For many, staying in a particular position happens more because of personal circumstances than professional. This could include reasons like flexible work schedules, family health benefits, more time with family, or earned vacation days. While these are all acceptable reasons to remain in a position, there are steps you should take to move you toward that next position.
1. Most candidates don’t realize how long it takes to find a job. If you wait to prepare yourself for a career change until that moment when you are ready to move to a new position, you are setting yourself up for failure and frustration. It’s while you are happy with your current position that you should begin polishing your resume and building a career portfolio.
The average active job search may take up to eight months, and that’s for those stand-out candidates. In addition, today’s human resource efforts are managed primarily online. What does this mean for you? It means you could get lost among hundreds of applicants, or you could be bumped farther down the list because other candidates don’t just meet the basic qualifications, they offer the PREFERRED qualifications.
2. Most candidates don’t have all the required skills for their ideal position. Think about where you would like to work next and what you would like to do. Conduct an Internet search of that position to obtain a job description. If you don’t have any luck, try contacting the human resources representative at that company, or its competitor, and request a job description. Then, compare your skills to that position and to the person who currently holds the position. What is missing from your resume? What skills do you have that would apply? Where do you line up? Where do you need to improve? By looking at how you compare today, you can begin gaining the knowledge and skill set you need to make that move.
Once you have identified your strengths and weaknesses in comparison to the job description, start building your portfolio. At a minimum, this should include an online website with work samples. Websites are a quick and easy way to engage a hiring executive and cost less than $100 using do-it-yourself sites like godaddy.com. You can include a link to your website in your cover letter and your opening email, as well as in the text of your online application. Websites show how great you are with one click and may help answer questions raised about your resume or qualifications.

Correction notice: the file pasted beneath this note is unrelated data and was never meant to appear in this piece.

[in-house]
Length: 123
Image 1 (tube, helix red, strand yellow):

If you find you don’t meet all the job requirements, take advantage of today’s technology and volunteer opportunities to improve your skills. For example, maybe you’ve worked as a marketing representative and your ideal position requires social media savvy, which is a weakness for you. Begin researching popular social media platforms to improve your proficiency. Engross yourself in the research as if you are taking a class and need to make an A+. Offer to create a social media marketing plan for a local charity or small business to showcase your work and prove your results. By doing this, you are demonstrating community involvement and your proficiency in the required skills. If you already meet the basic qualifications of the position, then look at what skills you can begin learning to help you become the preferred candidate.
Preparation will be what helps propel you through the hiring process when you are ready for a career boost. Your efforts toward professional development will keep you actively engaged in helping someone really, really important: you.